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Light and dark…..a photographer's eye in a workhouse thumb

Light and dark…..a photographer's eye in a workhouse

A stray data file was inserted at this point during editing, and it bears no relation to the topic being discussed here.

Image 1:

I went to the opening of OCA tutor Maggy Milner’s new show at the Victorian workhouse in Southwell last week (previously posted about here). The installations were delicately beautiful, and deeply sensitive and thoughtful evocations of the possible feelings of the workhouse inhabitants.  What was most striking about the event was how engaged people were with each of the six installations.  In fact one visitor told me that she wasn’t really into art and that this was the first time she had ever seen installations that she had understood and been able to appreciate in terms of the context in which they were displayed.  A National Trust representative at the event told me that the show was the most successful (aesthetically) contemporary art show the National Trust had ever had in its estate, enhancing and expanding viewers’ experience of the Workhouse and its complex history. Praise indeed.  Though sparse, cold and echoing, Maggy seemed to have populated the place with feelings: in the cold, slightly dank basement, sitting on shelves, in each of the basement rooms, were sealed glass jars, imprisoning ‘Perishable Goods’: mouldering fruit, grouped to signify the seven categories given to paupers on their arrival to the Workhouse, slowly deteriorating at different rates.  Over the span of the exhibition these silent weeping objects seem to plead to be released.